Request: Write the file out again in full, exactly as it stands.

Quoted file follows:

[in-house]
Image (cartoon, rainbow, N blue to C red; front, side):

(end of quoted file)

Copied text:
[in-house]
Image (cartoon, rainbow, N blue to C red; front, side):